Reflecting on his role, Crystal recalls that portraying a character who was openly and explicitly gay in the 1970s was both groundbreaking and extremely difficult.

“It was very difficult at the time, he explained. “Jodie was really the first recurring [gay] character on network television and it was a different time, it was 1977. So, yeah, it was awkward. It was tough.”

Crystal’s exact issues with the currently roster of gay characters appearing on network television weren’t made clear, but the actor intimated that the recent uptick of queer intimacy in shows like 'How To Get Away With Murder' were a bit too much for him.

“Sometimes, it’s just pushing it a little too far for my taste and I’m not going to reveal to you which ones they are,” he said. “I hope people don’t abuse it and shove it in our face… to the point where it feels like an everyday kind of thing.”

As pioneering as Crystal’s role as Jodie Dallas was for its time, the character’s eccentricities and plotlines prove to be deeply troubling when looked at from a modern perspective. Though Dallas was written as being gay, many of the stories involving the character centered around homophobic and anti-trans themes of gender disillusionment and crossdressing for comedic effect.

Watch one of the more problematic scenes of 'Soap' featuring Jodie Dallas AFTER THE JUMP...

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Billy Crystal Gives Emotional Tribute To Robin Williams At The Emmys: VIDEO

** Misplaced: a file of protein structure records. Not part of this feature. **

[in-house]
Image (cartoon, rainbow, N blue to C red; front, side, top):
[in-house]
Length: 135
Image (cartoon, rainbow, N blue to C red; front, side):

During last night's Emmys broadcast, comedian Billy Crystal gave a moving tribute to the life and legacy of Robin Williams. Crystal spoke about Williams' brilliant work, his unique and unrivaled creative genius and his many virtues as a friend. Perhaps most poignantly, Crystal compared Williams to an extinct star far out in the heavens: though it may be gone, its light still shines on us.

Watch the clip, AFTER THE JUMP...

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What To Watch This Week on TV: Chaz Bono On 'Drag Race,' 'Orphan Black' Is Back - VIDEO


Check out our weekly guide to make sure you're catching the big premieres, crucial episodes and the stuff you won't admit you watch when no one's looking.

— It's hard to believe that Community has made it this far, but the Greendale gang says goodbye to its fifth season Thursday at 8 p.m. on NBC. Tune in to find out the history of the college's first dean (or if Joel McHale will take his shirt off again).

More picks and clips, including Billy Crystal on Broadway, AFTER THE JUMP ...

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The Political Battle Over 'Marvelous' Has Begun: VIDEO


President Obama a few days ago mocked Mitt Romney for calling Rep. Paul Ryan's budget plan "marvelous."

"He said that he's 'very supportive' of this new budget, and he even called it 'marvelous,' which is a word you don't often hear when it comes to describing a budget — it's a word you don't often hear generally," the president said Tuesday.

Seizing the moment, the Democratic super PAC American Bridge put together an ad featuring critiques of the plan, like the fact that it gives oil companies tax breaks, spliced together Billy Crystal's famous "You Look Marvelous" musical bit from the 1980s. The Hill reports, meanwhile, the Team Romney is pointing out that Obama himself has used "marvelous" on more than one occasion.

Move over, Etch A Sketch, there's a new political catchphrase in town. And you, marvelous reader, can watch American Bridge's video AFTER THE JUMP.